Review: Mariinsky Ballet in Homage to Balanchine at Royal Opera House

Performance: 12 August 09
Reviewed by Graham Watts - Thursday 13 August 2009

The relationship between performers, audience and critic is a fascinating trinity. The paying audience often casts doubt over a critic’s judgement; they wonder whether they actually saw the same performance. I’ve often heard this refrain, but I’ve also come to understand that even if they’re in the same theatre at the same time they may not necessarily be seeing the same performance.

Critics generally occupy the best seats in the house; looking directly forward from the middle of the auditorium, not sideways or downwards. They have an undistorted, unrestricted view to inform their assessment. The paying audience, especially at the Royal Opera House (where sightlines are awful for many of the seats) is not always so fortunate.

The first of these Balanchine works, Serenade’, is a ballet of patterns. But, seated in a balcony box directly above the orchestra pit and adjacent to the stage, I couldn’t possibly have deduced this since the dancers occupying a third of the stage were outside my vision. It was like watching from a raised platform in the wings. At first, I was annoyed, clear in my view that I couldn’t possibly do justice to performers I was either not seeing, or seeing in a wholly distorted way, literally head-first. But, this is how most of the audience see the ballet; not from the comfortable vantage point of K6 in the Orchestra Stalls but from the upper amphitheatre, the slips and the side of the stalls circle. So, how was it for this critic, seeing ballets that are meant to be seen in their entirety, from the same restricted perspective as hundreds of other audience members?

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It is essentially unfair to comment on only the extracts of dancers’ performances that came within my vision; and the close-up, downwards perspective certainly maximised every blemish and sweat stain. The lines of dancers and the spaces between them in the corps inevitably look ragged in this context, although I’m sure this would not necessarily be apparent from a straight-on view. Dancers’ lack of extension, poor line, flaws in technique, awkwardness in partnering and – worst of all – short-cuts to conserve effort are only too obvious at such close quarters.

Even with such intense scrutiny, it is amazing to report that I saw some of the best interpretations of these familiar ballets that I’ve ever seen.Uliana Lopatkina was breathtakingly brilliant in the second (adagio) movement of Symphony in C’; it was like putting a divinity under the microscope and still discovering she is flawless. It was also illuminating to observe, so closely, how undemonstrative is the total support she receives from Daniil Korsuntsev; behind this great woman, there is a very strong and attentive man. Viktoria Tereshkina is another who survived this sideways close-up utterly unscathed. Having reigned supremely in the Siamese symbiosis of Balanchine’s steps and Tchaikovsky’s music in Serenade’, she then tore through the allegro vivo first movement of __’Symphony’, brilliantly aided by Denis Matvienko, displaying a softer, less ebullient side to his virtuoso skills. To complete the record, the couples for the 3rd and 4th allegro movements (respectively Evseeva/Stepin and Obraztsova/Timofeyev) also played their part in a memorably sparkling ‘Palais De Cristal’ (the original name for ‘Symphony in C’), even from my own disadvantaged viewpoint. __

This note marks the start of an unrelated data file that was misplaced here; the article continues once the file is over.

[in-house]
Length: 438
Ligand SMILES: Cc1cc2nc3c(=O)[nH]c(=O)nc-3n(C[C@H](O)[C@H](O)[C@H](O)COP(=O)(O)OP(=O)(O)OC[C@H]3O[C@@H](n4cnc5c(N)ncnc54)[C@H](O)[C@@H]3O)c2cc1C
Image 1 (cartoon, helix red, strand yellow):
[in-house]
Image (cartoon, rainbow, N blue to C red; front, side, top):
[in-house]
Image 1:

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The middle work, the Rubies’ __*mid-section of Balanchine’s full-length *‘Jewels’__, allowed an opportunity for a quick comparison with the home team, since it had been the final production in the Royal Ballet’s 2008/9 season. I’d call it an honourable draw. This version benefitted greatly from the presence of Ekaterina Kondaurova in the solo role, but although Irina Golub is a truly beautiful ballerina, I felt that she was inhibited from really projecting some of the wilder movements (backwards skipping, bent-arm pirouettes) in the way that Alexandra Ansanelli (admittedly a Balanchine dancer through-and-through) had gone to the very edge of risk, earlier this summer. The new wunderkind male at the Mariinsky, Vladimir Shklyarov, employed to the full his zestful exuberance of youth, which suited the choreography and its intentions very well.

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The most obvious concluding point to make is that NONE of these ballets work when they can’t all be seen. I’ve heard that Sir Frederick Ashton – once, the Royal Ballet’s long-time resident choreographer and therefore well used to the eccentricities of the Opera House seating plan – made it a requirement for his ballets to be seen from all over the House during their development, so that he could minimise the disruption to audience members with less clear views. His ballets were therefore made to fit the Covent Garden auditorium; Balanchine’s were not, a fact I found myself mulling over on each occasion that I was watching an empty stage whilst dancers were performing out of my sight (and there were several such times). The anticipated symmetry, the grandeur, the flow of his work was totally lost on me and many others seated in this tangential juxtaposition to the action. There is a certain deconstructive thrill to seeing only two-thirds of the intended pattern: after all, modern choreographers such as Trisha Brown and Bill Forsythe do this sort of thing on purpose, but I’m sure Balanchine intended for us to see the whole affair.

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